• Jackie has described the character of C.N. as being “60-70%” modelled after himself. For one of C.N.’s sets, actual articles from Jackie’s office, such as his own training dummy, were used in the film.
  • “Gorgeous” would mark the first of many appearances in a Jackie Chan movie by “Into the Badlands” star Daniel Wu, who appears in the film as a photographer’s assistant. Wu would later appear alongside Jackie in films such as “New Police Story”, “Around the World in 80 Days”, “Rob-B-Hood”, and many others, and Jackie now considers Wu “like a son”.
  • Stephen Fung, who appears in the film as a photographer, later married Shu Qi in 2016.
  • Brad Allan holds the distinction of being the first non-Asian member of the Jackie Chan Stunt Team (JCST).
  • He has since gone on to become a stunt coordinator and fight choreographer on numerous Hollywood films such as “Scott Pilgrim vs The World”, “Ninja Assassin”, “Pacific Rim”,  “Kingsman: The Secret Service”, and “Kingsman: The Golden Circle”.
  • In his action reel, along with an interview (above) he shares his beginnings in martial arts and stunts, and the enduring influence Jackie Chan has had on him!

Favourite Quotes

  • “I’ve come a long way. I don’t want a short game.” – Alan (in his first fight with C.N.)
  • “See how nice you look when you laugh. You were so grumpy and sad. It’s probably the reason you lost.” – Bu (encouraging C.N. after his first fight with Alan)
  • “Don’t worry, be happy” – C.N. (during his rematch with Alan)
  • “Have him put on the gloves, hit you in the head, and tell me if it hurts!” – Howie (when one of his henchmen says Alan’s punches won’t hurt C.N. while wearing boxing gloves)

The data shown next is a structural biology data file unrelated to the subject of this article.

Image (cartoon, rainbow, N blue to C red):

Film Rating: 8/10

Remember watching “Gorgeous”; what did you like best about it and what did you think of Brad Allan’s fights with Jackie? Now we’re in 2019…what action-fight movies or series are you really looking forward to? Let us know in the comments below; Like, share and join in the conversation on Facebook and follow us on Twitter & Instagram. (Stay Gorgeous and be the best version of you this year by keeping tuned to a FUniverse of Top 10’s, we welcome “Triple Threat” star Tiger Chen to the Hall of Fameexclusive coming soon, join the club and subscribe for videos too. Happy FU-Year, Warriors!)

Brad Curran

From the earliest days of childhood, Brad Curran was utterly fascinated by martial arts, his passion only growing stronger after spending time living in the melting pot of Asian cultures that is Hawaii. His early exposure developed into a lifelong passion and fascination with all forms of martial arts and tremendous passion for action and martial arts films. He would go on to take a number of different martial arts forms, including Shaolin Ch'uan fa, Taekwondo, Shotokan Karate and remains a devoted student, avid and eager to continue his martial arts studies. Brad is also an aspiring writer and deeply desires to share his love for martial arts and martial arts movies with the world!

1 Comment
  1. Brad wasn’t the only white guy to sign up with the JCST. Paul signed up the same day…